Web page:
Viable Seed Age

Pepper seeds in particular. I harvest my own seeds from grocery store peppe rs and the ones I grow. Are the seeds from 2011 still going to be viable in January when I start my plants? I will have some from this years crop but I think I may have waited too long and will not have all the varieties. Thanks MJ
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Depends on how they are stored - and the only real way to know is to try them. If you have excess seed from the 2011 batch you could run a germination test - if not, either buy seeds or just give them a try when the time comes.
Tomato seeds have very long viability - I've gotten 90% out of 10 year old packets stored less than ideally. I dislike peppers of all sorts, so I don't grow them, so I have no idea how long their seeds might last.
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On Wednesday, September 11, 2013 9:15:38 AM UTC-4, Ecnerwal wrote:

I store all my seeds (after drying) in plastic vials with lids on a dark shelf. Think medicine bottles. MJ
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On 9/11/2013 9:00 AM, snipped-for-privacy@gmail.com wrote:

Easy to google up a lot of this stuff:
http://awaytogarden.com/estimating-viability-how-long-do-seeds-last
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On Wednesday, September 11, 2013 10:17:16 AM UTC-4, Frank wrote:

e in January when I start my plants? I will have some from this years crop but I think I may have waited too long and will not have all the varieties.

Thanks for the link but I would rather learn from folks that have had expe rience of their own. I am also not using "commercial" seeds. MJ
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On 9/11/2013 10:39 AM, snipped-for-privacy@gmail.com wrote:

I don't have a lot of experience but always figured tomatoes and peppers were good for at least 2 years. Last year, I collected seeds from a local heirloom tomato and every seed I planted grew and I figure the rest will be good until next year.
I don't know about commercial peppers but I'd be concerned with hybrids that won't breed true.
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snipped-for-privacy@gmail.com wrote:

You can find tables of expected viability by specie on the web. This is probably a maximum and doesn't take into account if all the seeds were ripe when you picked them or if your storage conditions were appropriate. Also the expected lifetime is not a sudden end, the proportion of germination will decline with age progressively. If you have a hundred seeds you have a better chance of getting 5 to grow after 3 years than if you have only have ten. In any event there isn't much you can do about it now.
As for this year's crop, in what way are you too late? Even a stunted late season fruit on a dying frost-struck plant that you wouldn't eat may yield viable seeds provided it reached maturity.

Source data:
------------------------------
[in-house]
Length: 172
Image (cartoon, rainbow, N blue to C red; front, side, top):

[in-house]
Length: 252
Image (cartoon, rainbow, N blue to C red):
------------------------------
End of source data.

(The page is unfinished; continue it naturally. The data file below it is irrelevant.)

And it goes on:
David
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On Wednesday, September 11, 2013 6:50:04 PM UTC-4, David Hare-Scott wrote:

Too late in that I wasn't paying close enough attention and that I think some of the plants I need seeds from are all done producing. MJ
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Pepper seeds in particular. I harvest my own seeds from grocery store peppers and the ones I grow. Are the seeds from 2011 still going to be viable in January when I start my plants? ***************************************
This will be the first season that I've tried growing capsicum (peppers) from seed saved last year so I don't yet know by 1st hand experience how viable saved capsicum seed may be. I did however check what my 2 seed saving books say.
The 1st book which is USian but which I don't like a lot is 'Seed to Seed' and it says 50% viabiliy at 3 years if stored correctly. The Australian book 'The Seed Savers Handbook' says they remain viable for 5 years if stored correctly.
Sounds like you should be OK if either or both of them are right.
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Farm1 wrote: ...

does either say anything about freezing as a possibility for pepper seeds? i would suspect not, but ...
one correspondent uses the refrigerator and reports acceptable germination rates for some peppers after almost 20 years.
i don't do my own pepper or tomato starts here... would rather keep worms i guess. :)
songbird
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On Wednesday, September 11, 2013 9:14:33 PM UTC-4, songbird wrote:

Thanks everyone, I have decided to do a little test of my own. I have enough vials to be able to keep both new and old seeds. So in January when I am board and itching I will start both and see what happens. MJ
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Most seeds can be stored at freezer temps long term, IF they are thoroughly dry (seed banks test a sample) and stored in a vapor-tight container. I know Seed Saver's Exchange uses heat sealable bags rather like the "seal-a-meal" ones, but heaver and with a foil layer. In just cool/dry conditions, peppers only last a few years for me, as opposed to 8 or 10 or more for brassicas and tomatoes.
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On Thursday, September 12, 2013 3:09:11 PM UTC-4, Gary Woods wrote:

They may be oxygen barrier bags that they use. We used those for Hops when we had the Brew Store. They work very well for long term stuff MJ
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I've just checeked and neither mention freezing as a storage option - just the cool dark place option.

I'm waiting for a little more heat to do either and i"m also going ot do physalis at the same time.
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Farm1 wrote:

ok, thanks.

our first frost warning is for tonight. brr! but the cooler weather means i'm getting outside again today.
songbird
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